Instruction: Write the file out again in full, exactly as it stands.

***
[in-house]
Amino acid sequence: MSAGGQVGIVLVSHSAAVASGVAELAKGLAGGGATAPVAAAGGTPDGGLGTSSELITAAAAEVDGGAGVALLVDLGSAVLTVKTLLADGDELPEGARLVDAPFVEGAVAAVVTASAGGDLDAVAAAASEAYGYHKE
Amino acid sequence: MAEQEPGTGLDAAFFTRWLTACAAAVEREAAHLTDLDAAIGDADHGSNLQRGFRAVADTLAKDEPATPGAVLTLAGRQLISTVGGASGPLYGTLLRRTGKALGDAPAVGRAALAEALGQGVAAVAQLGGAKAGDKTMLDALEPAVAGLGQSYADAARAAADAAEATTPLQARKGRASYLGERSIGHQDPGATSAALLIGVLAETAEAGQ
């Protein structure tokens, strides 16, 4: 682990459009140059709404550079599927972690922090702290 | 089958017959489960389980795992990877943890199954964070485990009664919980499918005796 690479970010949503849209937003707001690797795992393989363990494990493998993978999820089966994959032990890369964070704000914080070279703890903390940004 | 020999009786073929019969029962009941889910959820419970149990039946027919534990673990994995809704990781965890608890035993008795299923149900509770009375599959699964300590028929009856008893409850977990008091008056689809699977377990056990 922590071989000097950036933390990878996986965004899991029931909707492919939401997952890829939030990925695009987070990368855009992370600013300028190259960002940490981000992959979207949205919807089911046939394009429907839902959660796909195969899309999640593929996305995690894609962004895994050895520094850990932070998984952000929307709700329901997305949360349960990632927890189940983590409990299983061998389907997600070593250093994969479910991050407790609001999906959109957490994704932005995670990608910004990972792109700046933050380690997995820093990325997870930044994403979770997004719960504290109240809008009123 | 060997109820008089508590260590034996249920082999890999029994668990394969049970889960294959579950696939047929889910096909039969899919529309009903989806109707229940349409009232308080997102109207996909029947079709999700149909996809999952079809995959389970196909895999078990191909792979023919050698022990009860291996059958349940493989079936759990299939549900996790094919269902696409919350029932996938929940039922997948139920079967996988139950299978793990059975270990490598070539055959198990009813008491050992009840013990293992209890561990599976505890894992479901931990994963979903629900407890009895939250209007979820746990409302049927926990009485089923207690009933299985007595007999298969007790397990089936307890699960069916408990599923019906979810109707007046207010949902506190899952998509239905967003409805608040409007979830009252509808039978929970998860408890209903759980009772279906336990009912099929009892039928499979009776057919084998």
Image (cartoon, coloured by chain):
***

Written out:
[in-house]
Amino acid sequence: MSAGGQVGIVLVSHSAAVASGVAELAKGLAGGGATAPVAAAGGTPDGGLGTSSELITAAAAEVDGGAGVALLVDLGSAVLTVKTLLADGDELPEGARLVDAPFVEGAVAAVVTASAGGDLDAVAAAASEAYGYHKE
Amino acid sequence: MAEQEPGTGLDAAFFTRWLTACAAAVEREAAHLTDLDAAIGDADHGSNLQRGFRAVADTLAKDEPATPGAVLTLAGRQLISTVGGASGPLYGTLLRRTGKALGDAPAVGRAALAEALGQGVAAVAQLGGAKAGDKTMLDALEPAVAGLGQSYADAARAAADAAEATTPLQARKGRASYLGERSIGHQDPGATSAALLIGVLAETAEAGQ
């Protein structure tokens, strides 16, 4: 682990459009140059709404550079599927972690922090702290 | 089958017959489960389980795992990877943890199954964070485990009664919980499918005796 690479970010949503849209937003707001690797795992393989363990494990493998993978999820089966994959032990890369964070704000914080070279703890903390940004 | 020999009786073929019969029962009941889910959820419970149990039946027919534990673990994995809704990781965890608890035993008795299923149900509770009375599959699964300590028929009856008893409850977990008091008056689809699977377990056990 922590071989000097950036933390990878996986965004899991029931909707492919939401997952890829939030990925695009987070990368855009992370600013300028190259960002940490981000992959979207949205919807089911046939394009429907839902959660796909195969899309999640593929996305995690894609962004895994050895520094850990932070998984952000929307709700329901997305949360349960990632927890189940983590409990299983061998389907997600070593250093994969479910991050407790609001999906959109957490994704932005995670990608910004990972792109700046933050380690997995820093990325997870930044994403979770997004719960504290109240809008009123 | 060997109820008089508590260590034996249920082999890999029994668990394969049970889960294959579950696939047929889910096909039969899919529309009903989806109707229940349409009232308080997102109207996909029947079709999700149909996809999952079809995959389970196909895999078990191909792979023919050698022990009860291996059958349940493989079936759990299939549900996790094919269902696409919350029932996938929940039922997948139920079967996988139950299978793990059975270990490598070539055959198990009813008491050992009840013990293992209890561990599976505890894992479901931990994963979903629900407890009895939250209007979820746990409302049927926990009485089923207690009933299985007595007999298969007790397990089936307890699960069916408990599923019906979810109707007046207010949902506190899952998509239905967003409805608040409007979830009252509808039978929970998860408890209903759980009772279906336990009912099929009892039928499979009776057919084998």
Image (cartoon, coloured by chain):